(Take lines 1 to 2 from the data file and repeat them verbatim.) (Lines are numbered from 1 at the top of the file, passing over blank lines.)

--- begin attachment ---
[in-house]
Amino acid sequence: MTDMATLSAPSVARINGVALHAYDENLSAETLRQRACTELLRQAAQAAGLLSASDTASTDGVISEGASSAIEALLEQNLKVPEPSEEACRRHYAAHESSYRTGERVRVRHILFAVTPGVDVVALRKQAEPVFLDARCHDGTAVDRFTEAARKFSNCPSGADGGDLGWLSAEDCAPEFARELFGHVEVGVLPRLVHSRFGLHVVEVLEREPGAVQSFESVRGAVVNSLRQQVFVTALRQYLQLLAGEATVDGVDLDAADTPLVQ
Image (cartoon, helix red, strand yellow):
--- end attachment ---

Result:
[in-house]
Amino acid sequence: MTDMATLSAPSVARINGVALHAYDENLSAETLRQRACTELLRQAAQAAGLLSASDTASTDGVISEGASSAIEALLEQNLKVPEPSEEACRRHYAAHESSYRTGERVRVRHILFAVTPGVDVVALRKQAEPVFLDARCHDGTAVDRFTEAARKFSNCPSGADGGDLGWLSAEDCAPEFARELFGHVEVGVLPRLVHSRFGLHVVEVLEREPGAVQSFESVRGAVVNSLRQQVFVTALRQYLQLLAGEATVDGVDLDAADTPLVQ